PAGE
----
Some teens are putting a dent in insurance rates. Seventeen-year-old Sally Vanture has been involved a few accidents in the last month.
"I'm really concerned about people running into the back of me now because it's happened to me twice in the last three weeks. It's just not really safe because I know that not everybody is a real safe driver, because everyone thinks they are but their really not," says Sally Vanture.
The crash rate for teens is four times higher than for adults, but there are some measures teens, as well as parents, can take to insure safety and lower insurance rates.
"Join their parents' policy that makes a lot of difference sometimes. I think you'll find that if you put your name under your parents' name, the premiums will be cheaper. There's a lot of things teens can do to keep the rates down for insurance," says Guy Cockrell.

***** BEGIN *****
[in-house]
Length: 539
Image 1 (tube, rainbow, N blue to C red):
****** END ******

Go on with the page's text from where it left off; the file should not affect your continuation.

For example: maintaining good grades, driving inexpensive cars and keeping a clean driving record.
"We don't have that much experience, especially because teenagers seem to think that we're good at doing everything, but we're not really good at it," says Vanture.
Insurance agents tell us the more time teens devote to safe driving; the more experienced they'll be on these busy roads. Another way teens can save on premiums is to enroll in a driving class at any of the Leon County public schools.
Viewers with disabilities can get assistance accessing this station's FCC Public Inspection File by contacting the station with the information listed below. Questions or concerns relating to the accessibility of the FCC's online public file system should be directed to the FCC at 888-225-5322, 888-835-5322 (TTY), or firstname.lastname@example.org.